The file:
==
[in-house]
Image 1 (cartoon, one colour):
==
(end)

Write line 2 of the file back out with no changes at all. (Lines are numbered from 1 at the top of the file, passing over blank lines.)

Image 1 (cartoon, one colour):